An advent calendar of poetry: December 4

Halifax poet laureate Sue Goyette delivers her fourth daily poem between now and Winter Solstice.

Editor's Note: Each day from December 1 -21, Halifax' poet laureate Sue Goyette will write a new poem to share with the city on The Coast's website and social media. "If I need this, I bet other people need this," she told us on day one—and we think she's right. In a year that's felt like a months-long dusk, this will be some light we can carry forward, together, until the days begin to grow again.
Here is her poem for December 4:

I took a course on radical hope known to some as slow television: the seven and a half-hour train ride from Bergen to Oslo. My notes are sporadic and nonsensical. I understood, overall, that we are pixelating; that our way of being is moving through chaos and is breaking into particles. I know little about chaos except its taste: the waft of orange plastic hospital chair, for example. The spice of dismay that burns the throat. The sour diode of violence. The train travels through mountains by tunnel. Jonathan Lear tells us that hope is radical when we lack the appropriate concepts to properly understand it. Tunnel after tunnel: a study of darkness. Then realized I was missing the true transformative lesson introduced as a small dot, a new punctuation mark to place after gratitude or a welcome. This dot grows. Wider and brighter. And seems to be a version of the way out. As in: the end of the tunnel. Of course, this is just another version of a beginning, which explains the fear. At this point my notes are of poorly drawn flowers and exclamation marks, i.e. no help at all.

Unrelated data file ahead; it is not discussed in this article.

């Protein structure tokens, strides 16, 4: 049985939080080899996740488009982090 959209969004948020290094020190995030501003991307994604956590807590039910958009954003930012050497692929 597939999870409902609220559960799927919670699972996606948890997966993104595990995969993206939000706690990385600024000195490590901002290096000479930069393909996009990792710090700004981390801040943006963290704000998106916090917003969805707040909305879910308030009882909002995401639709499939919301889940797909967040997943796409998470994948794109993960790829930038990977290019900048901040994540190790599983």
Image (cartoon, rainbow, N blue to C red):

About The Author

Morgan Mullin

Morgan is the Arts & Entertainment Editor at The Coast, where she writes about everything from what to see and do around Halifax to profiles of the city’s creative class to larger cultural pieces. She’s been with The Coast since 2016.

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